Man shares harrowing details of father's injuries in alleged antisemitic attack in Beverly Hills

Jaysha Patel Image
Monday, December 11, 2023
Victim in alleged antisemitic attack hit over head with belt, son says
Alan Nissel said his parents were walking to a synagogue in Beverly Hills when a man suddenly attacked his father with a belt.

BEVERLY HILLS, Calif. (KABC) -- A man whose father was assaulted in what Beverly Hills police called a "despicable act of hate" is speaking out, sharing harrowing details of what his dad endured.

Officers responded to a report of an assault with a deadly weapon around 9 a.m. Sunday in the area of N. Rexford Drive and Santa Monica Boulevard, near city hall and the police station, police said.

Alan Nissel said his 75-year-old father, Raphy, was walking to Young Israel of North Beverly Hills, an orthodox synagogue, with his wife when he was attacked. Police say the suspect, identified as 44-year-old Jarris Jay Silagi, attacked him with a belt.

"[He] hit my father over the head with a belt and as he came to and realized he was bleeding, [the suspect] turned to my mother and referred to her as a Jew or a dirty Jew ... 'Give me your earrings and jewelry,' I don't think the memory of the words are exactly clear. What is clear, of course, is that he called her a Jew," said Nissel.

Silagi was arrested on suspicion of assault with a deadly weapon, attempted robbery, hate crime and elder abuse. He is being held on $100,000 bail.

"[Raphy] did sustain a laceration to his right eyebrow ... interestingly, the same location his father received a gun wound in the War of Independence of 1948 as a soldier for the Israeli Army," said Nissel of his father.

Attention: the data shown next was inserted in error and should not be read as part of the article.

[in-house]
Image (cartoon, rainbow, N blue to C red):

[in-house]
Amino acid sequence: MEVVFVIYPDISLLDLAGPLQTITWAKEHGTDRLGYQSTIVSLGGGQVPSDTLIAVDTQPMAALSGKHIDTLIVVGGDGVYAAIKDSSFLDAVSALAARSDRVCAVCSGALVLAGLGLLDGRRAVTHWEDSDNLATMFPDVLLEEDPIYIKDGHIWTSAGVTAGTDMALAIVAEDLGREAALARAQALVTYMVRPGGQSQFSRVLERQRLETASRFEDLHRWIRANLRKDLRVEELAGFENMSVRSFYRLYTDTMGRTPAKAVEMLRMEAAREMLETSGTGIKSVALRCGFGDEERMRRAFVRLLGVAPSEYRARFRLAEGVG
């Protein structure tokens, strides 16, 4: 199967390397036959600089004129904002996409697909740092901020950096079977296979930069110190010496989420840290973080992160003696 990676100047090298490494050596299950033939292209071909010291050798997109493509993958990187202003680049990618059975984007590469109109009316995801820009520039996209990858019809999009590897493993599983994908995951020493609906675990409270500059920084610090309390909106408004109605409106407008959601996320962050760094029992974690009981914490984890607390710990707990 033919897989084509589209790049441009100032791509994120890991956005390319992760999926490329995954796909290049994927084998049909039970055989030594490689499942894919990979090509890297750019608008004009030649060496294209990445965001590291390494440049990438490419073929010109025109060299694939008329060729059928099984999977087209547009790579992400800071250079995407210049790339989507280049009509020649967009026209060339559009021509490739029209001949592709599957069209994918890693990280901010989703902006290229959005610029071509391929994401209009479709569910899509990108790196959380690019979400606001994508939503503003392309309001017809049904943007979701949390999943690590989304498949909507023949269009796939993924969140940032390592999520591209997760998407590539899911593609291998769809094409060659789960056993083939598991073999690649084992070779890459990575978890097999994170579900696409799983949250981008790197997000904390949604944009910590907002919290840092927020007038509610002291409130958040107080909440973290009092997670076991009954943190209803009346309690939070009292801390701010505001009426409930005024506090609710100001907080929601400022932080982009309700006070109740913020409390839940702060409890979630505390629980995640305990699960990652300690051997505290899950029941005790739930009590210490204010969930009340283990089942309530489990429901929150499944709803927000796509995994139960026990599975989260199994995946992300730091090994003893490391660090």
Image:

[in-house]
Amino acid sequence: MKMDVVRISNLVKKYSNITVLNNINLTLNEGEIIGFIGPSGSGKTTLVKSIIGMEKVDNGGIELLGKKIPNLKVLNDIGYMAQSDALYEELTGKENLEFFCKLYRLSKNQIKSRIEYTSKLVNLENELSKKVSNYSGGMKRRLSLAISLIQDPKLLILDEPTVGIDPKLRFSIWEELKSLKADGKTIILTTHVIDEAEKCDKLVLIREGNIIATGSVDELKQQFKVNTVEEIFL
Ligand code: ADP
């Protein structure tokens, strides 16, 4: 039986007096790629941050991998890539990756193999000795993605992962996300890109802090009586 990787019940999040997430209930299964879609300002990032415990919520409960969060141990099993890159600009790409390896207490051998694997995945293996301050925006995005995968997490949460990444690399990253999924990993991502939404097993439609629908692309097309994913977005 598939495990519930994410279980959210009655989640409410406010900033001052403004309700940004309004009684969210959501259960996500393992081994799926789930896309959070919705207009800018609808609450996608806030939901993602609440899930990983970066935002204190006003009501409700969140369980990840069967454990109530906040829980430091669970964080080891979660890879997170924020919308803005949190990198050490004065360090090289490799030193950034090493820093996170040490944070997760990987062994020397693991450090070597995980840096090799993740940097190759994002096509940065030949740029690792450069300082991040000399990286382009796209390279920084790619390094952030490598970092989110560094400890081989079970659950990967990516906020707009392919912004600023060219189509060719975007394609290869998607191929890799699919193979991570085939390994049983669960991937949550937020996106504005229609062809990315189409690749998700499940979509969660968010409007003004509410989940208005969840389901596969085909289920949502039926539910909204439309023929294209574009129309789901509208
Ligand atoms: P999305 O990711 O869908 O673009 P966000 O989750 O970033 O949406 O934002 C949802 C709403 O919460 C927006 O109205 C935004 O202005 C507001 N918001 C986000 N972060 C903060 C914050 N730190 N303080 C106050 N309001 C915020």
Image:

Beverly Hills police told Eyewitness News that Silagi had been arrested earlier that same morning for an unspecified misdemeanor crime. He was cited and released for the first arrest, and hours later, he was back in custody for the assault, police said.

Nissel posted a photo on social media of the bloodied shirt his father was wearing when he was assaulted.

Los Angeles Mayor Karen Bass shared the photo on X, formerly known as Twitter, and called the attack a "vile act."

Gov. Gavin Newsom also shared the photo and wrote: "This is appalling. Antisemitism has no place in this state."

"My message is the same as one as my father's: no one is born a racist, they are taught to become racist," said Nissel. "The message is to restore the high standards of education to our great country, and to ensure we educate in a way that facilitates respect and tolerance."

Police say they're actively making an effort to keep the community safe amid the Israel-Hamas war.

"All of our officers are keenly aware of certain areas and do special watches and periodic check of our institutions, religious institutions, and we are also stepping up our patrols on certain areas of the city," said Beverly Hills Police Capt. Max Subin.